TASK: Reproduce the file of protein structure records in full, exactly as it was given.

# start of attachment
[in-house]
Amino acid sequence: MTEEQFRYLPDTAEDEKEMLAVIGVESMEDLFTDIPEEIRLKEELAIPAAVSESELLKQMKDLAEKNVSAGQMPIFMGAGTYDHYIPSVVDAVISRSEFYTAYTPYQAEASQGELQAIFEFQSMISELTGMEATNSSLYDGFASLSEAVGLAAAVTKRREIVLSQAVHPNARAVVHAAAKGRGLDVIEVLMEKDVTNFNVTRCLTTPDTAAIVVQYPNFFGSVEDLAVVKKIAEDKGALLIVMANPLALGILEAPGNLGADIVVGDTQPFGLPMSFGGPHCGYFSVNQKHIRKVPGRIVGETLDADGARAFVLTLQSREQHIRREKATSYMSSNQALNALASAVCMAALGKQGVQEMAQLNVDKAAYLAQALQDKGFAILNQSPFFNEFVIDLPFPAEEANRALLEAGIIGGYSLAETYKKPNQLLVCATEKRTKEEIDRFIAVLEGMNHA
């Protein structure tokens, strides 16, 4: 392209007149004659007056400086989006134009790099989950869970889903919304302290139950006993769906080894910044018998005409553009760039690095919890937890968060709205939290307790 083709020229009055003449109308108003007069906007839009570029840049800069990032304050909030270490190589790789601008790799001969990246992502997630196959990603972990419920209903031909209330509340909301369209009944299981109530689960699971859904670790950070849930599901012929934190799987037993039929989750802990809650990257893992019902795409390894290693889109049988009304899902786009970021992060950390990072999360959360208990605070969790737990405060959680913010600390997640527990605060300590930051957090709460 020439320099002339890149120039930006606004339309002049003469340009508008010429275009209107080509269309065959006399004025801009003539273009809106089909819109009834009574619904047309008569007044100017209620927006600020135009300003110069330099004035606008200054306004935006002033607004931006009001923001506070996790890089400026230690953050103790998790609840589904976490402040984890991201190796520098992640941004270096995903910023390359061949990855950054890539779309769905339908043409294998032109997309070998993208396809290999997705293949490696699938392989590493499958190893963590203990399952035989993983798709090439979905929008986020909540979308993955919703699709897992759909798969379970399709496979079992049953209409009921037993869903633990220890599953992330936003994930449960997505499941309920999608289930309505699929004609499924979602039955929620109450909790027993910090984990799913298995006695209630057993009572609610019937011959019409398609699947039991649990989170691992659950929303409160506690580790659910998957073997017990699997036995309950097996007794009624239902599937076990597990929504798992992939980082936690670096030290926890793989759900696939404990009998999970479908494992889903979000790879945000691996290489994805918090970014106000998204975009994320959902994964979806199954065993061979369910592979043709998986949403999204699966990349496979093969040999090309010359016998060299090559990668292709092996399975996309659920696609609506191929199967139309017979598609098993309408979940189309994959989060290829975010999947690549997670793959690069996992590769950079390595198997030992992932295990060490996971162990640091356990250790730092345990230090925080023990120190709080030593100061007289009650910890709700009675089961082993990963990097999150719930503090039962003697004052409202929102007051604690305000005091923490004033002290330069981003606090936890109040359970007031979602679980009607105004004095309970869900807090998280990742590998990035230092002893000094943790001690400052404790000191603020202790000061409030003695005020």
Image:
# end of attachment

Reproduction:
[in-house]
Amino acid sequence: MTEEQFRYLPDTAEDEKEMLAVIGVESMEDLFTDIPEEIRLKEELAIPAAVSESELLKQMKDLAEKNVSAGQMPIFMGAGTYDHYIPSVVDAVISRSEFYTAYTPYQAEASQGELQAIFEFQSMISELTGMEATNSSLYDGFASLSEAVGLAAAVTKRREIVLSQAVHPNARAVVHAAAKGRGLDVIEVLMEKDVTNFNVTRCLTTPDTAAIVVQYPNFFGSVEDLAVVKKIAEDKGALLIVMANPLALGILEAPGNLGADIVVGDTQPFGLPMSFGGPHCGYFSVNQKHIRKVPGRIVGETLDADGARAFVLTLQSREQHIRREKATSYMSSNQALNALASAVCMAALGKQGVQEMAQLNVDKAAYLAQALQDKGFAILNQSPFFNEFVIDLPFPAEEANRALLEAGIIGGYSLAETYKKPNQLLVCATEKRTKEEIDRFIAVLEGMNHA
């Protein structure tokens, strides 16, 4: 392209007149004659007056400086989006134009790099989950869970889903919304302290139950006993769906080894910044018998005409553009760039690095919890937890968060709205939290307790 083709020229009055003449109308108003007069906007839009570029840049800069990032304050909030270490190589790789601008790799001969990246992502997630196959990603972990419920209903031909209330509340909301369209009944299981109530689960699971859904670790950070849930599901012929934190799987037993039929989750802990809650990257893992019902795409390894290693889109049988009304899902786009970021992060950390990072999360959360208990605070969790737990405060959680913010600390997640527990605060300590930051957090709460 020439320099002339890149120039930006606004339309002049003469340009508008010429275009209107080509269309065959006399004025801009003539273009809106089909819109009834009574619904047309008569007044100017209620927006600020135009300003110069330099004035606008200054306004935006002033607004931006009001923001506070996790890089400026230690953050103790998790609840589904976490402040984890991201190796520098992640941004270096995903910023390359061949990855950054890539779309769905339908043409294998032109997309070998993208396809290999997705293949490696699938392989590493499958190893963590203990399952035989993983798709090439979905929008986020909540979308993955919703699709897992759909798969379970399709496979079992049953209409009921037993869903633990220890599953992330936003994930449960997505499941309920999608289930309505699929004609499924979602039955929620109450909790027993910090984990799913298995006695209630057993009572609610019937011959019409398609699947039991649990989170691992659950929303409160506690580790659910998957073997017990699997036995309950097996007794009624239902599937076990597990929504798992992939980082936690670096030290926890793989759900696939404990009998999970479908494992889903979000790879945000691996290489994805918090970014106000998204975009994320959902994964979806199954065993061979369910592979043709998986949403999204699966990349496979093969040999090309010359016998060299090559990668292709092996399975996309659920696609609506191929199967139309017979598609098993309408979940189309994959989060290829975010999947690549997670793959690069996992590769950079390595198997030992992932295990060490996971162990640091356990250790730092345990230090925080023990120190709080030593100061007289009650910890709700009675089961082993990963990097999150719930503090039962003697004052409202929102007051604690305000005091923490004033002290330069981003606090936890109040359970007031979602679980009607105004004095309970869900807090998280990742590998990035230092002893000094943790001690400052404790000191603020202790000061409030003695005020």
Image: